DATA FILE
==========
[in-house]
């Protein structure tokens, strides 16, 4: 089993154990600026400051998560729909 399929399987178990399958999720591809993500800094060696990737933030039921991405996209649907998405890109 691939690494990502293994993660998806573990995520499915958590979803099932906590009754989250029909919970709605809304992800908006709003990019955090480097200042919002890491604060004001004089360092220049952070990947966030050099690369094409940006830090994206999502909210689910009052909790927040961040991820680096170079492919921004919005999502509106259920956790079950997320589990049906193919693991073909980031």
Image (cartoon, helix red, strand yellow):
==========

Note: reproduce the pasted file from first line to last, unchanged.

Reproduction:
[in-house]
């Protein structure tokens, strides 16, 4: 089993154990600026400051998560729909 399929399987178990399958999720591809993500800094060696990737933030039921991405996209649907998405890109 691939690494990502293994993660998806573990995520499915958590979803099932906590009754989250029909919970709605809304992800908006709003990019955090480097200042919002890491604060004001004089360092220049952070990947966030050099690369094409940006830090994206999502909210689910009052909790927040961040991820680096170079492919921004919005999502509106259920956790079950997320589990049906193919693991073909980031």
Image (cartoon, helix red, strand yellow):